Babini, Dominique. Building a cooperative digital library with open source software – the case of CLACSO in Latin America. Information Development, 2006 22: 90-91.
Disponible en la World Wide Web: http://bibliotecavirtual.clacso.org.ar/ar/libros/biblio/babini1.doc
RED DE BIBLIOTECAS VIRTUALES DE CIENCIAS SOCIALES DE AMERICA LATINA Y EL CARIBE, DE LA RED DE CENTROS MIEMBROS DE CLACSO
"Building a cooperative digital libary with open source software - the case of CLACSO in Latin America"
Consejo Latinoamericano de Ciencias Sociales (CLACSO)2, Buenos Aires
Even though Latin America is one of the developing regions with excellent regional cooperative bibliographic databases, which is mainly due to the common use of Spanish and Portuguese in countries of the region, access to the printed documents mentioned in the bibliographies is a privilege for a very few. This situation is caused primarily by the reduced number of copies printed (in average 500 copies for academic books and 300 copies for journals) and the very high costs of postal services which make the distribution of publications and inter-library loan services very expensive.
Very slowly Internet is being introduced as a regular service for students, professors and researchers working in Latin American academic institutions, as well as being introduced as a platform for e-publishing and offering digital library services to users. Authors are increasingly submitting their works for publication online, e-publishing is used by institutions to provide free or payed access to their publications in the Web, and institutional digital libraries or cooperative digital libraries are developed to provide search facilities for collective collections.
Open Access has been endorsed in the region through events such as the “Open Access for Developing Countries” seminar which took place in Salvador, Brazil, 21-22 September 20053 which urged governments to make Open Access a high priority in science policies including:
requiring that publicly funded research is made available through Open Access;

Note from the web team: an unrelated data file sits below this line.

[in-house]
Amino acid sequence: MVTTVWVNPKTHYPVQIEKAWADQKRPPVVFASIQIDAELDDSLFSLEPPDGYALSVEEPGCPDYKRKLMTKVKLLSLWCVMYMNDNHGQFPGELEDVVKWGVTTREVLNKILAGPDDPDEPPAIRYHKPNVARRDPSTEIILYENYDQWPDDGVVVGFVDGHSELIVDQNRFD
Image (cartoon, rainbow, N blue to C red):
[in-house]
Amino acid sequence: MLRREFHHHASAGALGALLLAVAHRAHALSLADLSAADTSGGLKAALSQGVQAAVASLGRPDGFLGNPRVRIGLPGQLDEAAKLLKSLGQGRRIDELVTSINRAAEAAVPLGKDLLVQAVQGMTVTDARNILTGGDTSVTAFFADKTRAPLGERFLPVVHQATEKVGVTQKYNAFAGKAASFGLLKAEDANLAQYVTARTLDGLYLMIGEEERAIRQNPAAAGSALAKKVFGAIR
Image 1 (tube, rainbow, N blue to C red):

considering the cost of publication as part of the cost of research;
strengthening the local OA journals, repositories and other relevant initiatives;
promoting integration of developing countries scientific information in the worldwide body of knowledge.
Shoshannah Holdom, from the Oxford University Computing Services, mentioned in a recent paper4 that “…scholarly work in the humanities –specifically Latin American studies- by Latin American academics is gaining greater visibility through publication in locally-produced e-journals”.
In this context of growing e-publishing and digital libraries initiatives to provide open access to research results, CLACSO (an academic network gathering 173 social science research institutions from 21 countries of Latin America and the Caribbean) decided to build a cooperative digital library to facilitate integrated access to full-text books, articles, papers and working documents of its member institutes.
To build the cooperative digital library CLACSO wanted an open source, user-friendly software system where users could search in all or only one collection, in metadata or in the full-text, and editors could input their publications online. After some research, Greenstone was selected, a software produced by the New Zealand Digital Library Project at the University of Waikato5, and developed and distributed in cooperation with UNESCO and the Human Info NGO. It is an open source, multilingual software, issued under the terms of the GNU General Public License.
The first step was to download the Greenstone software and install it in CLACSO´s server6. Then the following steps have been
Define diverse configurations: Texts in HTML. Metadata needed for each text: title, author, date, ISBN/ISSN, URL, publisher, subject, abstract. Search: in all or only in one collection (CLACSO has now 170 collections, one per member institute, with more than 5,100 full text documents).
Define which presentation format CLACSO wanted for the search results. CLACSO decided to first present the search results as a list of documents: selected documents are then presented as a cover image of the publication plus contents index; then the document citation, finally the full text as PDF or HTML
To additional workload (and cost) at the office included defining metadata, training staff to migrate documents from PDF or Word to HTML and adding metadata to each document. For this task we have received support from INASP (for journals) and ICA/IDRC and SIDA (for books and other documents).
The service is open access to Internet users in www.clacso.org.ar/biblioteca. We use the open source statistical system Webalizer to process the more than 70,000 visits each month to see the list of countries that visit the library, topics most requested, documents most requested and how many times each document is requested. The copyright of each document in the digital library is owned by the editor and/or author of each document. CLACSO protects the contents of the collection from commercial use, by using an open access Creative Commons Attribution- NonCommercial-NoDerivs 2.0 licence: http://creativecommons.org/.